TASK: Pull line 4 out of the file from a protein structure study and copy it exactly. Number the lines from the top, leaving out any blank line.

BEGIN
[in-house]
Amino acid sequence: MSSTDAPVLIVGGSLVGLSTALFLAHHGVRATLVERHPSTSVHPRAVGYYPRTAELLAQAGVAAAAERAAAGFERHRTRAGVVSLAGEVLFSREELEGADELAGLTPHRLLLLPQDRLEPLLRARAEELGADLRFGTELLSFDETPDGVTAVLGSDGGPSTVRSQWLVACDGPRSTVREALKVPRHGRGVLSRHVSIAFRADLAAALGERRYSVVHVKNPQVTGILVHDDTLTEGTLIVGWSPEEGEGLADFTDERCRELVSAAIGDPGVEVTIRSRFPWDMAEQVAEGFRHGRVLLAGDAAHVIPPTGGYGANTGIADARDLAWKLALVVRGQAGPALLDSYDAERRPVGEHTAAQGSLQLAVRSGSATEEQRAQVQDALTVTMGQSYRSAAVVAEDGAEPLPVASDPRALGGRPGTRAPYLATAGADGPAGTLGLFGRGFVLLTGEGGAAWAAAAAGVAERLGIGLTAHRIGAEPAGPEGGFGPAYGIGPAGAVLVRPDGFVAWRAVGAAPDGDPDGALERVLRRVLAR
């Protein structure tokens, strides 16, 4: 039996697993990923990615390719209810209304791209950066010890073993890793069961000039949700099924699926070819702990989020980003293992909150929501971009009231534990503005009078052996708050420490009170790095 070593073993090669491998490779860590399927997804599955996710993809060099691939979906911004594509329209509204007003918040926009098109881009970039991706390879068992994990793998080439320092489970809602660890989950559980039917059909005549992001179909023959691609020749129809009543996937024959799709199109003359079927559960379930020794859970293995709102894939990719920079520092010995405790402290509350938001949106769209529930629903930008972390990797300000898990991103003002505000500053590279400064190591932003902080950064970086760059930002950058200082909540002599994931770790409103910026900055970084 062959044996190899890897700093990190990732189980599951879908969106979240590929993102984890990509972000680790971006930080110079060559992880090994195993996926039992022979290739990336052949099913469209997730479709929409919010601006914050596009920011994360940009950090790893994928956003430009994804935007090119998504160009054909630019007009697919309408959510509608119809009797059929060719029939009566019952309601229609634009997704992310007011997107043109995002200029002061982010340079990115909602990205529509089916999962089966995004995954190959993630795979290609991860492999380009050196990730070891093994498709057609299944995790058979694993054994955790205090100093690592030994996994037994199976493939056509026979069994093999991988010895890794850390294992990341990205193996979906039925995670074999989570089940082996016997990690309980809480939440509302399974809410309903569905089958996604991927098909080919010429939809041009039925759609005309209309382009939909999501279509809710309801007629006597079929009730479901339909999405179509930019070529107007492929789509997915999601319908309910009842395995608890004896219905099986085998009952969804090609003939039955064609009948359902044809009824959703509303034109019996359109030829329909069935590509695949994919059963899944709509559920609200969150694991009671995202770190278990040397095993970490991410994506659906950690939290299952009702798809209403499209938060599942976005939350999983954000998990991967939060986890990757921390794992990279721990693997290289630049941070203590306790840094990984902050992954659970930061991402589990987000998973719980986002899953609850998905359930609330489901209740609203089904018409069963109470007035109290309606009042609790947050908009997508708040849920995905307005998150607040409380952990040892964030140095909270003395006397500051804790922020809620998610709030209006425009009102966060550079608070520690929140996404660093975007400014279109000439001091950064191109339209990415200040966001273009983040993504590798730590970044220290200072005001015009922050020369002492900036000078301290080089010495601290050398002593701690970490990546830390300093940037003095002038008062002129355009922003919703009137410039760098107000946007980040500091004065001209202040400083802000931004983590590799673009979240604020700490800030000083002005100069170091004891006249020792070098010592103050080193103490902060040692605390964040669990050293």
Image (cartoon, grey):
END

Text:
Image (cartoon, grey):